If your first thought is – Options and value investing …what a combination? You are not alone. You will rarely find discussions on options and derivatives in books and articles on value investing. But then just because most value investors don’t talk about options, does not mean one should not even try to understand them.

That said, let me clarify – I am not an expert, heck not even a novice on options. I have read a few books on options and derivatives, bought a few here and there. However I am planning to read up more on options and understand them better – it would improve my understanding of probability.

Most of the discussions I have seen on options is around the strike price. A lot of investors look at options as leveraged bets on the stock price. It goes like this – Lets assume I am bullish on L&T (who isn’t 🙂 !).

The current price is around 2500 (for argument sake). I expect it to rise by 20% in the next 6 months. So instead of investing 250000 and making 20% on that, I can invest buy 2500 contracts (for argument sake each contract is 100 Rs) and if the prices increases by 20%, then each contract is worth 500 Rs ( 2500*1.2- 2500). So I have made 5 times my investment. So I have leveraged my bet. The downside is that if price drops, I am out of the entire 250000

The above math is not accurate, but depicts the basic argument. The problem is that short of having a crystal ball, it is difficult to know what the future price would be. In addition to getting the price right, I need to get the timing right. If the contract expires in 6 months and the rise increases after that, I may be right but still lose money. Finally I am not sure how profitable this strategy is in the long term (net of all profits and losses) as one keeps losing money often and makes money in chunks a few times.

I think value investing principles, not in its traditional sense, are still relevant when investing in futures and options. Let me explain –

Options pricing is generally dependent on the following variables
– strike price
– time for expiration
– Interest rates
– Volatility

Value investing is about find undervalued securities which can include options. That would mean figuring out the option pricing based on the above variables and comparing it with the market prices. If the market prices are lower than the actual price, then it makes sense to buy the options. I have read about it, but have never tried it myself. In addition I think the options pricing is far more efficient and hence it is not easy to make money this way.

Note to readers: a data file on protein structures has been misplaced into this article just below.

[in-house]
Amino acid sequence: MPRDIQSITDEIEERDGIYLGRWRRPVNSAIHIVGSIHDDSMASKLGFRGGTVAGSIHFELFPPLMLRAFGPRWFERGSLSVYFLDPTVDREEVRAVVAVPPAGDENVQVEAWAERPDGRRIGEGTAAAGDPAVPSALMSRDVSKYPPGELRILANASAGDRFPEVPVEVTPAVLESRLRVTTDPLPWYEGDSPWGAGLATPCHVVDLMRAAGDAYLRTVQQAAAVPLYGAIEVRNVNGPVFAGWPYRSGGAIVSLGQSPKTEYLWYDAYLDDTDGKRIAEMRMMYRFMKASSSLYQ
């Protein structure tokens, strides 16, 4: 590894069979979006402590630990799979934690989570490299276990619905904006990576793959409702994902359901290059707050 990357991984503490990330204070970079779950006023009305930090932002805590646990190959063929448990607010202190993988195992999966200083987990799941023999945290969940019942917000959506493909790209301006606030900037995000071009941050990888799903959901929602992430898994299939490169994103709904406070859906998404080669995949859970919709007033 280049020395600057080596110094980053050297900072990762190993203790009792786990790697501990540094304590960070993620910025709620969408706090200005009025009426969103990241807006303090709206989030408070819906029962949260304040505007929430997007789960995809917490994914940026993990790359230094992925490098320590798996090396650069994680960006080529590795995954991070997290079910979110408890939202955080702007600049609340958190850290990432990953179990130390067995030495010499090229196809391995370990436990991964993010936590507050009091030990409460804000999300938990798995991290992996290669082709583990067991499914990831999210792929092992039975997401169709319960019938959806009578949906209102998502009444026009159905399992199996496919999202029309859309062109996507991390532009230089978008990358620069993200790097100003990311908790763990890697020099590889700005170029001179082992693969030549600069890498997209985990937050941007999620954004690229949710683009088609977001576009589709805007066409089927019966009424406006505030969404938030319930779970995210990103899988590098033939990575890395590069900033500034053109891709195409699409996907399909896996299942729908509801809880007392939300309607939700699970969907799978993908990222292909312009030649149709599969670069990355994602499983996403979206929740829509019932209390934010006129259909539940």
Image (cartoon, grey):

The second approach would be to look at options to help in hedging my portfolio. For example if I plan to sell part of my portfolio in the next couple of months as they seem to overvalued, I would like to buy put options to hedge those specific stocks. This however works only for specific stocks and is not useful as a general strategy.

The last approach is to buy long term call/put options on stocks which I think are undervalued. That would be equivalent of making a leveraged long term bet on a stock. However it suffers from the same, time related disadvantage I discussed earlier and also from the lack of such options in the Indian market (not sure if we have these options at all)

In summary I see options currently as an insurance against market crashes. However due the cost factor I need to still figure out if it is profitable to protect the portfolio against such crashes in the long term.

Ps: I would appreciate if anyone can suggest some good books on options and option pricing etc.


  1. Prashant says:

    Hi Rohit,

    I am a believer of value investing and am trying to practice it as well. Hit upon your blog by googling and found your posts very interesting.

    I have speculated (yes) on options a couple of times. All part of learning process on NOT speculating on stocks or anything.

    While the most common book is Hull, it is academic and option trading in India is very difficult in actual practice. For one very few stocks have liquidity in options..that too absolutely nothing in 2,3 month…only near month..so sometimes, even if all goes right, sheer lack of liquidity makes option trading/hedging unsuccessful. I, of course, have long stopped it.

    Thats one reason why in India, futures, though more risky, are more heavily traded and not options.

    Having said that, please let us know on the site your experiences on options and any books or material you get related to them.

  2. Vivek Krishna says:

    A good starter
    in options trading without getting into log normal distributions and calculus.

    I suggest you also look at spreads